Cylindrical front and rear door glass conforms to the curvature of the body panels and lowers completely into the door. Glass thickness is the same as Dakota - 0.157 inch (4-mm) - to help reduce road and ambient noise transmission.
Rear doors each include a stationary quarter window and a division bar to enable the movable glass to lower completely into the door. Modular construction of the quarter windows ensures an accurate fit and enhanced sealing. The glass, division bar and weatherstrip are molded together and installed in the door as a unit.
Deep-tinted rear door, quarter and liftgate windows are standard. The liftgate window is somewhat more transparent than the side windows for driver visibility. This glass, which is also used on Dakota, reduces the transmission of infrared energy 15 percent and ultraviolet energy by 2 to 4 percent compared to conventional tinted glass. For durability, the tinting agent is molded into the glass, rather than applied to the surface. Its use enhances exterior appearance because the glass has a dark color rather than a mirror-like finish. The absence of a mirror coating also improves outward visibility at night.
Conventional tinted glass is standard in all windows with SLT equipment. The windshield includes a customary deeply tinted upper band.
A roof luggage rack with two movable crossbars and a black finish is standard on all models. Sturdy aluminum stanchions that support the crossbars ride in aluminum side rails. The rails nestle in shallow depressions created by the roof-to-side aperture panel seams. This location on the roof is very strong, allowing the rack to carry up to 150 pounds (68 kg). Tracks in the side rails retain the crossbar stanchions. A series of equally spaced holes pierced in each rail receives a movable locking pin on the stanchion to hold the crossbars in place. Hole spacing allows the stanchions to be placed side-by-side if desired. Crossbar adjustment is easy because the pushbutton locking mechanism has a detent in the free position. With both pins free, one person can easily slide the crossbars to any location along the side rails. Snap-in stops on the side rails prevent the crossbars from sliding off, but the rails can be removed by first removing the stops. Each crossbar stanchion includes two cargo tie-down loops. Each stanchion also has a raised guard that provides lateral restraint for lumber, ladders, or other items resting on the crossbars. The crossbars and stanchions are designed to support loads up to the capacity of the rack. Though the rack is designed to carry cargo on top of the crossbars, skid strips are installed between the side rails to protect the roof. Air foil-shaped crossbars ensure freedom from wind noise.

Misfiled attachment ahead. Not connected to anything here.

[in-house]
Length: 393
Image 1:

Corrosion protection features are shared with Dakota. They include the following materials and procedures:
To deter paint chipping, a specially formulated epoxy polyester powder applied to all exterior body surfaces. This also reduces the potential for paint delamination due to ultraviolet radiation. Powder anti-chip primer is applied between primer and finish coats. Because it is powdered, its application produces no VOC (volatile organic compound) emissions.
Durango appearance coat materials and processes are shared with Dakota. Color coats are topped with a Clear Coat that adds brilliance, resists chipping and protects against attack airborne chemicals.
Durango is available in the following nine colors, two of which are new to Chrysler Corporation for 1998:
The hood-mounted grille design is shared with Dakota. It is painted body color with SLT and SLT+ equipment. A grid texture of black TPO plastic, which makes the radiator/air conditioning evaporator less visible, is heat staked to the back of the ABS plastic grille. The grille is supported by a sturdy tubular bracket that is bolted to the hood. The hood-to-grille seam is neatly filled with a bead of black, nitrogen-expanded RTV sealer.
A black molded plastic cowl screen is the same as used on Dakota. It provides a decorative bridge over the space between the back of the hood and the windshield. It also conceals the windshield wiper mechanism and includes a grille that allows air to enter the cowl plenum but keeps out debris.